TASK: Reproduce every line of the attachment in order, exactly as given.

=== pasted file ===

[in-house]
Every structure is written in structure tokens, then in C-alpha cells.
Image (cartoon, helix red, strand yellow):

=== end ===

[in-house]
Every structure is written in structure tokens, then in C-alpha cells.
Image (cartoon, helix red, strand yellow):